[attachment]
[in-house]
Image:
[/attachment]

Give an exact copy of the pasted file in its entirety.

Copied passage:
[in-house]
Image: